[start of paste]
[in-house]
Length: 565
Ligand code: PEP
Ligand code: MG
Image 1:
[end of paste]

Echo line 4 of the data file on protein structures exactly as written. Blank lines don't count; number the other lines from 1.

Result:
Ligand code: MG